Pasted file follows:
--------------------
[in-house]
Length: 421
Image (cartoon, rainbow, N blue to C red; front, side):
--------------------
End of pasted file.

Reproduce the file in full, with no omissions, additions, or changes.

[in-house]
Length: 421
Image (cartoon, rainbow, N blue to C red; front, side):